History of the Watch House & Porth Amlwch
The history of Porth Amlwch dates back to medieval times but the sleepy fishing port was gradually overwhelmed by the copper trade as Parys Mountain copper mine expanded and the number of ships increased dramatically. Official details are listed by Coflein [wikipedia is remarkably silent on the topic].
By the peak of copper ore production between 1760-1790 over a hundred ships were loading ore in the port from the large copper bins. There was also a considerable import trade of coal, gunpowder, mining machinery and supplies for the rapidly grown town. Limestone was a popular ballast or full cargo as it was needed for lime mortar or for liming fields.
An Act of Parliament in 1793 provided for enlargements and modifications to the harbour, the creation of the copper bins and the upper road for filling them. The two stub piers were built, with provision for large baulks of timber to be lowered in times of storm or large swell to protect moored ships.
The Watch House pier was built in 1816 and the lighthouse erected in 1819. In 1853 the Watch House was built to house the ‘hobblers’ while waiting their task of rowing out to meet incoming ships and tow them in, guide to their berths and eventually to tow them out again.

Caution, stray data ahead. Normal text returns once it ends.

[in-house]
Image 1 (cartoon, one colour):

The harbour had an extended lease of life as James Treweek, the Parys Mine Captain, not only developed new ways of winning copper ore but founded a ship building yard on the far side, then another beyond the Watch House pier where there was room for two slipways and a dry dock, the latter can still be seen. the last ship built there was sailing until 1984.
GeoMôn acquired the Watch House in 2010 for use as its visitor centre and has maintained and improved it ever since; renovating the lighthouse in 2020 so the “fixed white light” initiated in 1819 now shines again.
For opening times, facilities and displays please see main page.
For special exhibitions or temporary displays please see displays page